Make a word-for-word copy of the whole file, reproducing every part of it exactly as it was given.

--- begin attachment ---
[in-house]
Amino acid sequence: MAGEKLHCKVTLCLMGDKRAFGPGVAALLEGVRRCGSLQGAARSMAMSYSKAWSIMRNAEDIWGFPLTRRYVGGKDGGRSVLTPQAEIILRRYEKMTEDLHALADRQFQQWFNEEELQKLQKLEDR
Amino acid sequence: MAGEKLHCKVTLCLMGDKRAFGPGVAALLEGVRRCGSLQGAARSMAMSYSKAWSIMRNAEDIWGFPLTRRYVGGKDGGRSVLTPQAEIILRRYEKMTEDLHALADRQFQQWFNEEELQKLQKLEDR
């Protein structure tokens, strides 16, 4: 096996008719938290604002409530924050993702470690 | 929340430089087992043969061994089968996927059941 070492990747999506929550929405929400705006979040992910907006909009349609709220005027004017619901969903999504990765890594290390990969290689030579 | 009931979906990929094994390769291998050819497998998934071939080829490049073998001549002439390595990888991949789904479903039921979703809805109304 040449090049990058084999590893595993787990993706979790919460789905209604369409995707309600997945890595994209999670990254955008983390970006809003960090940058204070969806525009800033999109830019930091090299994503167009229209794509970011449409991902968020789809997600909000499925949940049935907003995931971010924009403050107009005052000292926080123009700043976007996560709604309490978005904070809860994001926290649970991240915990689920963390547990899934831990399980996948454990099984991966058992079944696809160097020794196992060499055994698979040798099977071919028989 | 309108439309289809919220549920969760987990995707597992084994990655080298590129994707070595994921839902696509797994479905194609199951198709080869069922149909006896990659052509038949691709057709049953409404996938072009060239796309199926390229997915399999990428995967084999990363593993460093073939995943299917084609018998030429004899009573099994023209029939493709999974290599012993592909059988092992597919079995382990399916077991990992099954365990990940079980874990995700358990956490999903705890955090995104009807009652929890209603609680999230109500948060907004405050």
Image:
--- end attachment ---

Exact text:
[in-house]
Amino acid sequence: MAGEKLHCKVTLCLMGDKRAFGPGVAALLEGVRRCGSLQGAARSMAMSYSKAWSIMRNAEDIWGFPLTRRYVGGKDGGRSVLTPQAEIILRRYEKMTEDLHALADRQFQQWFNEEELQKLQKLEDR
Amino acid sequence: MAGEKLHCKVTLCLMGDKRAFGPGVAALLEGVRRCGSLQGAARSMAMSYSKAWSIMRNAEDIWGFPLTRRYVGGKDGGRSVLTPQAEIILRRYEKMTEDLHALADRQFQQWFNEEELQKLQKLEDR
């Protein structure tokens, strides 16, 4: 096996008719938290604002409530924050993702470690 | 929340430089087992043969061994089968996927059941 070492990747999506929550929405929400705006979040992910907006909009349609709220005027004017619901969903999504990765890594290390990969290689030579 | 009931979906990929094994390769291998050819497998998934071939080829490049073998001549002439390595990888991949789904479903039921979703809805109304 040449090049990058084999590893595993787990993706979790919460789905209604369409995707309600997945890595994209999670990254955008983390970006809003960090940058204070969806525009800033999109830019930091090299994503167009229209794509970011449409991902968020789809997600909000499925949940049935907003995931971010924009403050107009005052000292926080123009700043976007996560709604309490978005904070809860994001926290649970991240915990689920963390547990899934831990399980996948454990099984991966058992079944696809160097020794196992060499055994698979040798099977071919028989 | 309108439309289809919220549920969760987990995707597992084994990655080298590129994707070595994921839902696509797994479905194609199951198709080869069922149909006896990659052509038949691709057709049953409404996938072009060239796309199926390229997915399999990428995967084999990363593993460093073939995943299917084609018998030429004899009573099994023209029939493709999974290599012993592909059988092992597919079995382990399916077991990992099954365990990940079980874990995700358990956490999903705890955090995104009807009652929890209603609680999230109500948060907004405050």
Image: